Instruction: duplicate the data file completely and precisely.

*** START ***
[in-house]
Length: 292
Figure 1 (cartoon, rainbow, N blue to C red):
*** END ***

[in-house]
Length: 292
Figure 1 (cartoon, rainbow, N blue to C red):